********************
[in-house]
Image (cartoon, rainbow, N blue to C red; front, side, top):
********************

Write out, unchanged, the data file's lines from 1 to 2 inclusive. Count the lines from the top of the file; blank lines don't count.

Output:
[in-house]
Image (cartoon, rainbow, N blue to C red; front, side, top):